The exhibition, Daydreams And Diaries: The Story Of Jacqueline Wilson, was put together by Seven Stories in Newcastle, and Wilson was involved in its creation.

“They were asking me about when I was a kid and I remembered I had a tiny bedroom with one shelf of books that I loved to read and how I loved to write and draw. Then it occurred to me that that is what I do now, but what I do now in a slightly more luxurious surrounding. We had idea to recreate my council house bedroom from the 1960s so kids could see what I was like and then put together my writing room as it is now.”

Old dolls, pictures, toys and books – What Katie Did, Ballet Shoes, Little Women – that once sat on her one shelf and which she read and reread are all part of the interactive show, which also features games and dressing-up boxes.

“There is one of my many school notebooks where I grandly declared at the age of nine that I was going to write a novel in it. I was no infant phenomenon but it was very important indeed and I certainly had it in my head at that age.”

She says she is amazed by the number of children who get in touch with her saying they want to be writers.

“They say they have written another story about Tracy Beaker. They don’t always realise they have to make up their own characters!

“I think many children also think once you get published, you make a great fortune, but I do think it’s lovely that children really enjoy stories.”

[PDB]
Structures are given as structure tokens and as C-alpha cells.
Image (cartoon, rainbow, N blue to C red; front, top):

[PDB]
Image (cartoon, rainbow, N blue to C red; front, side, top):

Wilson left school at 16 and took a job writing for Jackie magazine before trying her hand at crime novels and asking Brighton-based illustrator Nick Sharratt to bring the words on the page to life. She says Sharratt was key because she didn’t want reluctant readers to be faced with big blocks of text and his input on Tracy Beaker helped her get her first big seller aged 46.

She suggests young writers keep a diary and get into the habit of writing every day. That she has been so successful without taking A-levels or going to university is something young people should note, but her own daughter is now a French professor at Cambridge and she says it’s important for children to stay in education as long as possible.

“This was in the 1960s where a lot of people decided to just jump straight from school into work. Back then if you were young and you had a bit of determination you would go a long way.

“I would always advise someone to complete their education but my route worked for me. I was thrilled to bits to get that job on Jackie. I thought it was wonderful training.

“It meant I learnt to write all sorts of different things and I was never too precious. If I wrote something and I thought it was wonderful then it was heavily edited. I learned not to mind.

“Also you couldn’t suddenly have writer’s block, you jolly well had to get on with it.”

  • Daydreams And Diaries: The Story Of Jacqueline Wilson will be at Hove Museum And Art Gallery, New Church Road, Hove, from Saturday, November 24 to Tuesday, April 30.
  • The exhibition is open Open Mon to Sat (except Weds) 10am to 5pm, Sun and bank holidays 2pm to 5pm, closed December 24, 26 and 31, and January 1, free. Call 03000 290900